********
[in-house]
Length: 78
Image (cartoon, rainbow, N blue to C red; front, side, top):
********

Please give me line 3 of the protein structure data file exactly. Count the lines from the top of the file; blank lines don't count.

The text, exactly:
Image (cartoon, rainbow, N blue to C red; front, side, top):